The stand up comedy ‘art form’ as its commonly referred to, had its first recorded appearance in 1805 in vaudeville theatres – where the jokes were short, with sharp punch lines to keep the audience laughing and engaged. These types of comics and theatres were eventually overrun with the development of the cinema industry, however the comedic value remained. Pin pointing the birth of stand up comedy as such is unclear, however it’s legacy can certainly still be seen in today’s contemporary context. Continue reading “copyright and comedy.”
I attempted to actively explore remix culture this week by making my own mash up thingo!
I am incredibly embarrassed in myself for what I have produced but I figured I would give it a whirl. Continue reading “mix it up.”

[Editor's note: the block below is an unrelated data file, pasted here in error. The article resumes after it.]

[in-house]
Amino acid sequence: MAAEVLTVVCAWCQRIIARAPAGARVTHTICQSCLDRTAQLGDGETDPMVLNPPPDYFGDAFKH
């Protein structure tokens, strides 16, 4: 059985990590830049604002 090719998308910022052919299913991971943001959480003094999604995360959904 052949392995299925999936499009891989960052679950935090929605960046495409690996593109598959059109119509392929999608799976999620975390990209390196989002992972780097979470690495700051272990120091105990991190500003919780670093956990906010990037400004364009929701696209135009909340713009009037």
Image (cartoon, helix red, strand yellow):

Memes are beautifully funny ways to convey messages, they’re easy to make, and they spread like wild fire if enough people like them. With their widespread social appreciation and viral nature, can they be used for more than simple comedic, internet entertainment? Continue reading “memes X propaganda.”
The public sphere, a metaphorical concept developed by Jürgen Habermas, explains where and how people come together to “freely discuss and identify societal problems, and through that discussion influence political action”. The public sphere was once thought to exist in 18th century coffee houses, a very bourgeois, male dominated setting. However, in today’s contemporary context, the public sphere can be found in a variety of places – from social media platforms to bars to cafes, and is inclusive of everyone. Continue reading “a public kinda sphere.”